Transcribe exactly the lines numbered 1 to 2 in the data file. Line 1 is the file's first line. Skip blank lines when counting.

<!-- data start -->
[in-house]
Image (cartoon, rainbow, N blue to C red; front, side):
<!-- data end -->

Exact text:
[in-house]
Image (cartoon, rainbow, N blue to C red; front, side):